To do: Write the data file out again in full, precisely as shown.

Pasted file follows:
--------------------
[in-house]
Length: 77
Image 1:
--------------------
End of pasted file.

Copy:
[in-house]
Length: 77
Image 1: